I don't know why I have such a problem with understanding the pixel dilemma.
I understand the mathematics perfectly, but just get so lost in photoshop when it comes to cropping.
I have taken on board what both Paul and you say and may use the rectangular marquee tool from now on.

Paul's idea is also good where he crops as little as possible not set to a particular aspect ratio, then changes the canvas size to suit. I have not tried that method yet.


Paul's methodology is great where you are adding a border; the difference in the aspect ratio, if small, can be made up with a slightly non-uniform border.
03/29/2017 11:47:54 PM · #17
I should have read this post earlier. It was on another topic last year.
Originally posted by kirbic:

I have definitely screwed myself on the size reduction before. Here's how I put that demon to rest for good. I trained myself to *never* resize my PSD. I save a JPEG copy, open that and do my resizing. If I need to go back and do additional edits, I always have that full size PSD. Now granted, I may be beyond my 20-step history, but my M.O. is also to do as much of my editing non-destructively as possible. That way I limit the amount of work I need to do on a re-edit. I do still occasionally fall into the trap of "just a quick destructive edit" and then realize it is more involved than I thought. Each time I do this, it reinforces the attitude to do the right steps, that is non-destructive flow, even if it takes a little more time initially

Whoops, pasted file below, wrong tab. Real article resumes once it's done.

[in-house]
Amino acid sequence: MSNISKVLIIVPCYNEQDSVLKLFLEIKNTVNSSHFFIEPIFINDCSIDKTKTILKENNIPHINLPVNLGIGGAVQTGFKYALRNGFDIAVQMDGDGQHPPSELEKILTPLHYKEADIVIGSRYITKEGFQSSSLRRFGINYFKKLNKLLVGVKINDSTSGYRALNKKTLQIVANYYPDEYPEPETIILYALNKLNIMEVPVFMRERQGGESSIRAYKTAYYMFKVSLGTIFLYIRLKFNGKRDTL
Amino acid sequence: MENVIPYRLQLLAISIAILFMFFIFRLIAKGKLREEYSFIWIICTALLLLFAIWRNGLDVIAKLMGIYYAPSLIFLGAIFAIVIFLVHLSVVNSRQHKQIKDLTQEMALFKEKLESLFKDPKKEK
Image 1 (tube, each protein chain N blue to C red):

Originally posted by johnbrennan:

...When I looked at my image credentials this is what I saw: